Kids' Vision and Learning

Back-to-School Eye Exams

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It's that time again...back to school for another year of learning. Eye doctors usually see a surge in children's and teen's eye examinations during September and October. Some parents get their kids in for eye exams before school starts. Others come in because they have undergone vision screening testing by school nurses and pediatricians and have discovered that their vision is not quite what it should be.

The ability to see clearly and comfortably can directly impact a child's performance both in and out of the classroom.

Changes in Vision

Vision changes sometimes occur so slowly that children don’t even realize them. However, about eighty percent of what a child learns in school is acquired through vision, so optimal vision is extremely important in the learning process.

Kids' Eye Exams

Comprehensive eye exams by an optometrist or an ophthalmologist are important because vision screenings only really check to see how well you see at a distance. Some vision problems can go undetected. Most people don’t realize the problems vision problems can cause for children, especially at school.

In addition to vision, eye doctors check the following during a child's eye exam:

  • Change in focusing: Clear vision is important, but even more important is how fast our eyes can quickly and accurately change focus from distance to near. In a classroom setting, children are looking at close reading material, computerized chalk boards, and sometimes even tablets and laptops. It is important to be able to quickly change focus.
  • Visual tracking: Visual tracking involves how our eyes track things we are looking at like moving the eyes along a printed page when reading or following a moving object in the classroom.
  • Eye hand coordination: Eye hand coordination is a visual milestone that some children achieve earlier than others. It involves how well our motor and nervous system communicate with each other
  • Visual perception: Visual perception involves the ability to organize images on a printed page into letters, words, and ideas and to understand and remember what is read. This also involves how well children see when letters and paragraphs are crowded very close to each other.

Children's Eye Health

In addition to vision and binocular vision disorders, an optometrist or ophthalmologist will also check your child’s eye health. Typically, special medicational eye drops will be instilled into their eyes to temporarily paralyze the focusing muscle inside the eye and widen the pupil to evaluate internal structures of the eyes.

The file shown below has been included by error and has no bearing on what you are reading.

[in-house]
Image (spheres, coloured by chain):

Signs of Vision Problems

Most of us don't think that classroom and learning disabilities can be caused by vision problems. But according to the American Optometric Association, one in four students in kindergarten through sixth grade has some type of undiagnosed vision problem that can interfere with their ability to perform in the classroom.

Signs your child may be experiencing a vision problem:

  • Squinting
  • Rubbing the eyes
  • Frontal headaches
  • Holding reading materials too close or too far away
  • Losing place while reading
  • Avoiding close work
  • Turning or tilting head
  • Making frequent reversals when reading or writing
  • Using finger to keep place when reading 
  • Squinting while reading or watching television
  • Exhibiting lack of attention or fatigue during school

What You Should Know

We all want our children to do well in school but undiagnosed vision problems can have a profound effect on a child's entire life. Sometimes a child may begin to have problems with visual related tasks and instead of complaining about blurred vision, they act out, goof around or become troublemakers. In reality these kids are simply frustrated and do not know how to communicate to their teachers and parents that they are having trouble reading. These children tend to do poorly in school and may end up getting into trouble later in life.

If you haven’t done so already, schedule your child’s eye examination today. A simple vision problem could be standing in the way of your child achieving educational excellence. Good, clear vision will make school and learning a much more enjoyable experience.

Source

Scheiman, Mitchell. Optometric Clinical Practice Guideline, Pediatric Eye and Vision Examination. American Optometric Association, 2002.

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